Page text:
The Singapore Grand Prix, the longest race on the calendar, lasted mere seconds for championship hopeful Sebastian Vettel.
A slow getaway from the grid, a swing to the left of the track and, with the unmistakeable sound of carbon fibre crunching against carbon fibre, he fatally damaged his Ferrari.
In vain he limped on for two more corners, but as coolant leaked from his radiators and onto the circuit ahead of his rear wheels, he lost control of his car and wiped it against Singapore’s menacing barriers.
As he sat stunned in his car, spun around and facing the oncoming traffic, Vettel would have seen the silver Mercedes of Lewis Hamilton — before the race the three-point leader of the drivers standings — steam past the stricken Ferrari and into the lead.
The arithmetic would have been easy work for the clever German: his non-score on a weekend Hamilton could claim the maximum 25 points would make for a demoralising 28-point deficit to the Briton with just six rounds remaining.
The accident, deemed a racing incident by the stewards, was nonetheless controversial. Vettel swept left across the circuit in an effort to cover the faster starting Max Verstappen from second on the grid, but unbeknownst to him the Dutchman was already racing Kimi Räikkönen to his left.
Verstappen, caught between the two red cars, made contact with Räikkönen, who in turn was hit by the strafing Vettel. All three, plus innocent bystander Fernando Alonso, who was certain his McLaren-Honda was worthy of a rare podium finish, had their races ended on the spot.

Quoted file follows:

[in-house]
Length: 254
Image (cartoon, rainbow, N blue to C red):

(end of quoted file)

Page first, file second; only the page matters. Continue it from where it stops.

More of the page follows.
Friendly fire, the most egregious of racing sins, had lost Ferrari a swag of points, and it was all the more bitter a pill to swallow on a circuit Ferrari was, and should have been, king.
Mercedes had qualified just fifth and sixth for the Singapore Grand Prix behind both Ferraris and the resurgent Red Bull Racing team. The Silver Arrows, even in the team’s dominant three seasons between 2014 and 2016, struggled to answer the unique demands of the sweaty streets of Marina Bay.
Ferrari, on the other hand, has excelled in 2017 on slow-speed circuits that require excellent traction and high levels of downforce. In the same way the Italian Grand Prix two weeks earlier had flattered Mercedes’s strengths, Singapore’s 23 corners were made for the Ferrari SF70H.
The complexion of the 2017 championship has changed dramatically. Mercedes, having long been the favourite for the constructors title, has stretched its advantage to 102 points, but Hamilton’s newfound 28-point drivers standings lead has turned what was to be a six-round arm-wrestle into a comfortable, defendable advantage.
For Vettel the permutations are beginning to turn against him. A loss to Hamilton in Malaysia would put Hamilton within touching distance of his third title — finish second in Sepang and Vettel would need to win every race if Hamilton finishes second; finish third and the title is out of his hands, much like it was for Hamilton last season in his battle with Nico Rosberg.
“There is nothing we can do now and for sure it is bitter,” Vettel said. “It’s a pity we couldn’t show our pace today, but we have other races ahead of us and I am sure there will be more opportunities for us.”
None of the next six races will provide either team with an inherent advantage in the way Monza and Singapore did. The onus, therefore, is on Ferrari to find an extra gear late in the season to overcome the defending world champion team just as it seems to be hitting a confident stride.
There is still a route to a Sebastian Vettel championship, but after his disastrous Singapore Grand Prix it has become exponentially more treacherous.